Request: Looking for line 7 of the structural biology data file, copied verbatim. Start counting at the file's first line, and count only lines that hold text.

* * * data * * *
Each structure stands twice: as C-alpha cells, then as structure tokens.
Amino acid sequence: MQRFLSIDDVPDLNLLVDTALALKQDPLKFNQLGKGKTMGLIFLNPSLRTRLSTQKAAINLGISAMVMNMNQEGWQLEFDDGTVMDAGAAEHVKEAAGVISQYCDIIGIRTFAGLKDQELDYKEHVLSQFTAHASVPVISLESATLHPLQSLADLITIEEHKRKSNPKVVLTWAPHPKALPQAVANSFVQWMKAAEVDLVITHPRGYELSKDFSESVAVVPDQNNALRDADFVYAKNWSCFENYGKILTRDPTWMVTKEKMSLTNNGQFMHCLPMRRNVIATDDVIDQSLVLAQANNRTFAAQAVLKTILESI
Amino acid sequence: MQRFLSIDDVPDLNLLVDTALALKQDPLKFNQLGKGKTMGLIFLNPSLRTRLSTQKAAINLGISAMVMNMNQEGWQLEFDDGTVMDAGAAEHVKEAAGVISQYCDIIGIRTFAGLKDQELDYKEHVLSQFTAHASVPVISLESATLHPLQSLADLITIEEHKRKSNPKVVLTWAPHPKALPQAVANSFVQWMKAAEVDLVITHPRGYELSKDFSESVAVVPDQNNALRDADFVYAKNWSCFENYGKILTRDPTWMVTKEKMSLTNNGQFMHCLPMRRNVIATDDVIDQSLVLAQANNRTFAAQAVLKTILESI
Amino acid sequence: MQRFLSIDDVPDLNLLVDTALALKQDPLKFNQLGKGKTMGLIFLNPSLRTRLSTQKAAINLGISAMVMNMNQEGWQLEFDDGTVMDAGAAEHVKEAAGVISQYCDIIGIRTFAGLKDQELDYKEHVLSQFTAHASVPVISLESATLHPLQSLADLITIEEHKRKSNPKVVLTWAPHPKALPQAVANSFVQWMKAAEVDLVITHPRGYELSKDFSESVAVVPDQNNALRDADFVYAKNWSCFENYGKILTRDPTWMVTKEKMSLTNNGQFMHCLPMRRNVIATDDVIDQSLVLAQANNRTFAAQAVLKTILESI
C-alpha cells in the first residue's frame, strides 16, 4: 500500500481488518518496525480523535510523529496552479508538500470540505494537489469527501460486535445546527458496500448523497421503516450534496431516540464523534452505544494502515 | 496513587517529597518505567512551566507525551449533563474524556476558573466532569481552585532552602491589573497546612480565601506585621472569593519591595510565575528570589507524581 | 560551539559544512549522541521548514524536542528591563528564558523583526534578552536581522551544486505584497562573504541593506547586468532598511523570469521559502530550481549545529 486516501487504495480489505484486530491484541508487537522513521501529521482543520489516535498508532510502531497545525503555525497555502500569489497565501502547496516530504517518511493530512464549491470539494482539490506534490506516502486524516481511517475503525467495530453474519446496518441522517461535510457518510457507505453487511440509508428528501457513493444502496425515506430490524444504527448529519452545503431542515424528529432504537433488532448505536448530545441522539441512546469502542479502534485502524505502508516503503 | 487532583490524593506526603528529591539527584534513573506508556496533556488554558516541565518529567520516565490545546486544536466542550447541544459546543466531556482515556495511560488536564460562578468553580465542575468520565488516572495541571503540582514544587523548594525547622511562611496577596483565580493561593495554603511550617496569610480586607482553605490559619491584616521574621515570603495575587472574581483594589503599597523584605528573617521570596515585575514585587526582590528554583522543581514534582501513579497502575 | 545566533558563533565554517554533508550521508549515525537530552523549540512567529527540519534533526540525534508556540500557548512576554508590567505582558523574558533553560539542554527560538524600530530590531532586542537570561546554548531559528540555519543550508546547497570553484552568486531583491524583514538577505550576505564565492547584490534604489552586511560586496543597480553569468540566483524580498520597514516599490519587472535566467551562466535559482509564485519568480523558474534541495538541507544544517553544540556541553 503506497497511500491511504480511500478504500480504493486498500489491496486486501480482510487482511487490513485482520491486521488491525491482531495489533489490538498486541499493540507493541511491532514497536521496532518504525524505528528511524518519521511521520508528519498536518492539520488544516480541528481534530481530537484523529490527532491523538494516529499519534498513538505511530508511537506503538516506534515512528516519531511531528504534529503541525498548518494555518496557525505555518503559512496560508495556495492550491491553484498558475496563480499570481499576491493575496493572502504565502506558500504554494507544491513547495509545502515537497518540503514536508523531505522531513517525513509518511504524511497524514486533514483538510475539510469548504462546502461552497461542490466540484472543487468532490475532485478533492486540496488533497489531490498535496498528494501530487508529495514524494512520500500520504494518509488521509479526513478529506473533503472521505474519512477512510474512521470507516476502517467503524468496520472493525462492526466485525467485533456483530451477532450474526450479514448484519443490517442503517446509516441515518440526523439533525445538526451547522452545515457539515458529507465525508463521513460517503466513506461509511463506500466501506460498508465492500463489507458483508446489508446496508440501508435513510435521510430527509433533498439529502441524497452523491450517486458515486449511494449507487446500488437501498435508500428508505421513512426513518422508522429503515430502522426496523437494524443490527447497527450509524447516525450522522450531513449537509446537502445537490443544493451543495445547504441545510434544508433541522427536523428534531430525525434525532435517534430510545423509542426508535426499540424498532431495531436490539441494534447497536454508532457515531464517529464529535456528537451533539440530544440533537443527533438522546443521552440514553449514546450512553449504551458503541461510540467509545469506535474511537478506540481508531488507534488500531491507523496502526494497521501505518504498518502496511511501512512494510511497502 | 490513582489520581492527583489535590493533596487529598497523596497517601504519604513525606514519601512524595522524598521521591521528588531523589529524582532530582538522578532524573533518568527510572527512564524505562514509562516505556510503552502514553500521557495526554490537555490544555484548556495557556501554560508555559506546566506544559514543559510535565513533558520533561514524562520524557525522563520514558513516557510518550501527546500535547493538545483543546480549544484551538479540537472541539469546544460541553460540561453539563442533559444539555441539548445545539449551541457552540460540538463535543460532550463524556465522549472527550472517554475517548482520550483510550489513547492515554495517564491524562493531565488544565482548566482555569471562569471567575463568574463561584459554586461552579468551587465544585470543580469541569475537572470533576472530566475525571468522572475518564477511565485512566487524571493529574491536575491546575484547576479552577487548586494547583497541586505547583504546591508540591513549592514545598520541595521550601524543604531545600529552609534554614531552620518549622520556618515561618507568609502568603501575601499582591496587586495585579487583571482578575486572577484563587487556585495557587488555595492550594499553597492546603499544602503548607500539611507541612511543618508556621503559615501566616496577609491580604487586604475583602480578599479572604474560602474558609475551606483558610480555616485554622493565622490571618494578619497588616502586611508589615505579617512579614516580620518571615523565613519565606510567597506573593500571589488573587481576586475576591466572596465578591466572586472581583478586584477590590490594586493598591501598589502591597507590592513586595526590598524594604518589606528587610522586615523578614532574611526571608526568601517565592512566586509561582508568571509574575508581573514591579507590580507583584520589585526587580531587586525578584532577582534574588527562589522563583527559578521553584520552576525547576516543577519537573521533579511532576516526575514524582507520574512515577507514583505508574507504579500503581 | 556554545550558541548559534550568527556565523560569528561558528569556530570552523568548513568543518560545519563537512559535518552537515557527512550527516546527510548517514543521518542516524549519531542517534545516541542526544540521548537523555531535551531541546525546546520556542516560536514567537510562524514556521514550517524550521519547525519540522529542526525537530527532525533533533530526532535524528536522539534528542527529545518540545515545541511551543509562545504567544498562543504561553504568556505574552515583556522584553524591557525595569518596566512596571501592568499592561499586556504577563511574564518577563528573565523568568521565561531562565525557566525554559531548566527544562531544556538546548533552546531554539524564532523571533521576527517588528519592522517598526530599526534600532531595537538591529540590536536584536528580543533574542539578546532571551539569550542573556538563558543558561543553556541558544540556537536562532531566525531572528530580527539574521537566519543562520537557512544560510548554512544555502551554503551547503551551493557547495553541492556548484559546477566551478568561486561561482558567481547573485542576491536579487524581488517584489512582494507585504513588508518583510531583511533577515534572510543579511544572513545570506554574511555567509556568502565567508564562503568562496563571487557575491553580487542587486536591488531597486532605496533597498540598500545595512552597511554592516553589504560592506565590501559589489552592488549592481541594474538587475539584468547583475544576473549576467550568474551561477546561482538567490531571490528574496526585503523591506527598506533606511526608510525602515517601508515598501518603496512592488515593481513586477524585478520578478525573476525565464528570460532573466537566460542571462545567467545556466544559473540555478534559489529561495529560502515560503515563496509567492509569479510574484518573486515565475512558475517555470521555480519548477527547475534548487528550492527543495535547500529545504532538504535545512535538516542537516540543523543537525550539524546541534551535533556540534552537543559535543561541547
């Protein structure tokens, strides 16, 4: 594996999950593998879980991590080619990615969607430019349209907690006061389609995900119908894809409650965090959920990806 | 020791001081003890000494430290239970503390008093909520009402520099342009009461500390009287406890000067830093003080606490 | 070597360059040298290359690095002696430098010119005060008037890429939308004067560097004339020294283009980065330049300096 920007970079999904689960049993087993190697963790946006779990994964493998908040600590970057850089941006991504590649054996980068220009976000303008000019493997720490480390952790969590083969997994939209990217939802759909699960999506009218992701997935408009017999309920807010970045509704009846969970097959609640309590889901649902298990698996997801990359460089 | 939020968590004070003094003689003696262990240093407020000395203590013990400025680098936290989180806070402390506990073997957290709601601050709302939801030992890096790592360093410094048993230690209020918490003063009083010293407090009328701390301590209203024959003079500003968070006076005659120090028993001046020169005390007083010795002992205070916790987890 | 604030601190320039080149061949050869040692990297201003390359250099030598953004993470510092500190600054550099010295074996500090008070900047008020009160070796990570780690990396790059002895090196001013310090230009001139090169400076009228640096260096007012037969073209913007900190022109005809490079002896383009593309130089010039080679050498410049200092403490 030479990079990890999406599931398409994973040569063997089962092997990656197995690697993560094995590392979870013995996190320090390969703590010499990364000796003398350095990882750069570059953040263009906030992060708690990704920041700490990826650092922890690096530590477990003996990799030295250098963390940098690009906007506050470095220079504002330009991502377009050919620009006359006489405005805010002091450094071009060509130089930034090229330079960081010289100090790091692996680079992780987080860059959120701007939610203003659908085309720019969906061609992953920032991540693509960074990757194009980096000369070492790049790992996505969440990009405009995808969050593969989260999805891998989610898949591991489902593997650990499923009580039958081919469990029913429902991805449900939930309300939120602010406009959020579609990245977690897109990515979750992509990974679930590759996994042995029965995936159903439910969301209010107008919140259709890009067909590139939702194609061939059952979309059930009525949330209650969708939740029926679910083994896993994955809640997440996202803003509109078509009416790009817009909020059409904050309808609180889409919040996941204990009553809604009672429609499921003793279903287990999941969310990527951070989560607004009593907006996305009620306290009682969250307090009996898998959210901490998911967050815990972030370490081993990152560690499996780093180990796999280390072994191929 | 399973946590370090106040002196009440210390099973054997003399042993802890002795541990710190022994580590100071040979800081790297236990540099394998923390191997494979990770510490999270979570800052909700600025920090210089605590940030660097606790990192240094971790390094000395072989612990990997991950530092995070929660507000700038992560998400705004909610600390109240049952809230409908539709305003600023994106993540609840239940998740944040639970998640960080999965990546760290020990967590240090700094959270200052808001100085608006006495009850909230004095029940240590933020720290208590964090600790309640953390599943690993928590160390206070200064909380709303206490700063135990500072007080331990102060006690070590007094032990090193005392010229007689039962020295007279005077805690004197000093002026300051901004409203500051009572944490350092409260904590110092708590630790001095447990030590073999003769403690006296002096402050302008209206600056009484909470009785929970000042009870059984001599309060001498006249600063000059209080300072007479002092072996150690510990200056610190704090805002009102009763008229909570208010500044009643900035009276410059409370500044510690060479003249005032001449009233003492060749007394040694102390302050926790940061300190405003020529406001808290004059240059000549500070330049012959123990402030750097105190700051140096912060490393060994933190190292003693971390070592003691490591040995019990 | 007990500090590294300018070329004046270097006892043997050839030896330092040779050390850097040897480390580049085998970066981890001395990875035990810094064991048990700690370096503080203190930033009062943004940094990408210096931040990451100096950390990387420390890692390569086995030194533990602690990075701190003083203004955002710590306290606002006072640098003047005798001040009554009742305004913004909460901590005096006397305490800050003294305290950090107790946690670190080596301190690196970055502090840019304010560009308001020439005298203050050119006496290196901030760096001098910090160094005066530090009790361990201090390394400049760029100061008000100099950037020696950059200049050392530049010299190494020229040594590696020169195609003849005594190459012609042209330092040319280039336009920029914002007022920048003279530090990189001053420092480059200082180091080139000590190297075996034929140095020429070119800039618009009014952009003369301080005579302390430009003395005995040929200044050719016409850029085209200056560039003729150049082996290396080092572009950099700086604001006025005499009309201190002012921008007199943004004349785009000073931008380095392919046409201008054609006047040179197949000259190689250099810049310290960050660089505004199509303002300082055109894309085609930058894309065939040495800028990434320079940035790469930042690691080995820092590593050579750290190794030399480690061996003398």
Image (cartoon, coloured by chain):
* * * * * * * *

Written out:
Image (cartoon, coloured by chain):